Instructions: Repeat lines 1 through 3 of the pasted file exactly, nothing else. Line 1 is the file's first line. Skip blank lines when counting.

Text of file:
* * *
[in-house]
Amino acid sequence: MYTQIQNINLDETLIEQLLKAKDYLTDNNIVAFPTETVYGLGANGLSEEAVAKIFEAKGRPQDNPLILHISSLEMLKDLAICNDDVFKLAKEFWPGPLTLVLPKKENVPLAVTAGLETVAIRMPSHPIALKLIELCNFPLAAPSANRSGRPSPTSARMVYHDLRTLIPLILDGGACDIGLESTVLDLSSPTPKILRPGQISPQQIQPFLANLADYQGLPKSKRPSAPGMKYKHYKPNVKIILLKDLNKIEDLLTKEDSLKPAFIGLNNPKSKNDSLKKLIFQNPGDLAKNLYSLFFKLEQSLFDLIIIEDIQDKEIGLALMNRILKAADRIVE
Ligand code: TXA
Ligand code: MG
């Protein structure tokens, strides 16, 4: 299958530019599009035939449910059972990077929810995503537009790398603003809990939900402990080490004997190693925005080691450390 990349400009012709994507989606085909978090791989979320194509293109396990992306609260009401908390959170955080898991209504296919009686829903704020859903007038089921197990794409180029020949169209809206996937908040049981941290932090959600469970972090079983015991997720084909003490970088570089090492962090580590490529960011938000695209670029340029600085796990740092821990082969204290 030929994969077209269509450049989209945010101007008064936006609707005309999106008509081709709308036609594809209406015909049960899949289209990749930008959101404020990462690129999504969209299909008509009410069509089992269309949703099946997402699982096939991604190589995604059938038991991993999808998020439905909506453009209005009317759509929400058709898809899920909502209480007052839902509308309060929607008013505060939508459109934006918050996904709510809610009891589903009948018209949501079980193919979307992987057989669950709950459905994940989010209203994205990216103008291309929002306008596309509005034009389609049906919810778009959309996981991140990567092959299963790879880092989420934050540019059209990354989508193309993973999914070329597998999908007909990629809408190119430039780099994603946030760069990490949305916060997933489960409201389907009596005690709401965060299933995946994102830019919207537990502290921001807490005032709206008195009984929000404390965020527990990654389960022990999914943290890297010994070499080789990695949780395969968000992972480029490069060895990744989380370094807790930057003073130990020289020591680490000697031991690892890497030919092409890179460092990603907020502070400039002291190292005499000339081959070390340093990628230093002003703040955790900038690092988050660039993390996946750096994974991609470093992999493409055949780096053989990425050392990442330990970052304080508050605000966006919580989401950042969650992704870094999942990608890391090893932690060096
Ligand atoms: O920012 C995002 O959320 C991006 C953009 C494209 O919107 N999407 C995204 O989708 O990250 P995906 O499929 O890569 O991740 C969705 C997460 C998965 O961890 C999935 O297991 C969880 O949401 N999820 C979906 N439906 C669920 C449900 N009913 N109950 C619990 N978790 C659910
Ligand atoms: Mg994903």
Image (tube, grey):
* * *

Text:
[in-house]
Amino acid sequence: MYTQIQNINLDETLIEQLLKAKDYLTDNNIVAFPTETVYGLGANGLSEEAVAKIFEAKGRPQDNPLILHISSLEMLKDLAICNDDVFKLAKEFWPGPLTLVLPKKENVPLAVTAGLETVAIRMPSHPIALKLIELCNFPLAAPSANRSGRPSPTSARMVYHDLRTLIPLILDGGACDIGLESTVLDLSSPTPKILRPGQISPQQIQPFLANLADYQGLPKSKRPSAPGMKYKHYKPNVKIILLKDLNKIEDLLTKEDSLKPAFIGLNNPKSKNDSLKKLIFQNPGDLAKNLYSLFFKLEQSLFDLIIIEDIQDKEIGLALMNRILKAADRIVE
Ligand code: TXA